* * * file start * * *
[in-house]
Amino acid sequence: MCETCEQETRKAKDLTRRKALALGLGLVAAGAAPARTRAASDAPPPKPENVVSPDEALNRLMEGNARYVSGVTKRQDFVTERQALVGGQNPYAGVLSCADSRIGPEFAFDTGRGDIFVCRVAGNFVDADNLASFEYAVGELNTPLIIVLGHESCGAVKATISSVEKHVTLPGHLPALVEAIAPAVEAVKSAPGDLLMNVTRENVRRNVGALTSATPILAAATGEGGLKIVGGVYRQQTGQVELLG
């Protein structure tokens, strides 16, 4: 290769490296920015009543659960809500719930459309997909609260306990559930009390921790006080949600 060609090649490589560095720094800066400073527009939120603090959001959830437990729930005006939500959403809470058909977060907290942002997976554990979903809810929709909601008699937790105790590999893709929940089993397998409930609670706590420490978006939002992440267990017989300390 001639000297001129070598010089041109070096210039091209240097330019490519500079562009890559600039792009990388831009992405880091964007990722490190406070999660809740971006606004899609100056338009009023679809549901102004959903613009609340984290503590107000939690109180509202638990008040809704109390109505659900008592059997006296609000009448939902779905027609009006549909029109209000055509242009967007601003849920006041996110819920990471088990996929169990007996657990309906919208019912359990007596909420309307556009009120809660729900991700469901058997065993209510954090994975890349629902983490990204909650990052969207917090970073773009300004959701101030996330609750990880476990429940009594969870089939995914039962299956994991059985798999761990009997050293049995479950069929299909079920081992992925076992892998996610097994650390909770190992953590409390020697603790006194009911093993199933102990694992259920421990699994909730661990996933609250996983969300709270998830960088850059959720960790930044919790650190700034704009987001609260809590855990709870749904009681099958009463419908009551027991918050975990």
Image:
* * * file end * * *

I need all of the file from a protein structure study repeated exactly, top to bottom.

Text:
[in-house]
Amino acid sequence: MCETCEQETRKAKDLTRRKALALGLGLVAAGAAPARTRAASDAPPPKPENVVSPDEALNRLMEGNARYVSGVTKRQDFVTERQALVGGQNPYAGVLSCADSRIGPEFAFDTGRGDIFVCRVAGNFVDADNLASFEYAVGELNTPLIIVLGHESCGAVKATISSVEKHVTLPGHLPALVEAIAPAVEAVKSAPGDLLMNVTRENVRRNVGALTSATPILAAATGEGGLKIVGGVYRQQTGQVELLG
């Protein structure tokens, strides 16, 4: 290769490296920015009543659960809500719930459309997909609260306990559930009390921790006080949600 060609090649490589560095720094800066400073527009939120603090959001959830437990729930005006939500959403809470058909977060907290942002997976554990979903809810929709909601008699937790105790590999893709929940089993397998409930609670706590420490978006939002992440267990017989300390 001639000297001129070598010089041109070096210039091209240097330019490519500079562009890559600039792009990388831009992405880091964007990722490190406070999660809740971006606004899609100056338009009023679809549901102004959903613009609340984290503590107000939690109180509202638990008040809704109390109505659900008592059997006296609000009448939902779905027609009006549909029109209000055509242009967007601003849920006041996110819920990471088990996929169990007996657990309906919208019912359990007596909420309307556009009120809660729900991700469901058997065993209510954090994975890349629902983490990204909650990052969207917090970073773009300004959701101030996330609750990880476990429940009594969870089939995914039962299956994991059985798999761990009997050293049995479950069929299909079920081992992925076992892998996610097994650390909770190992953590409390020697603790006194009911093993199933102990694992259920421990699994909730661990996933609250996983969300709270998830960088850059959720960790930044919790650190700034704009987001609260809590855990709870749904009681099958009463419908009551027991918050975990």
Image: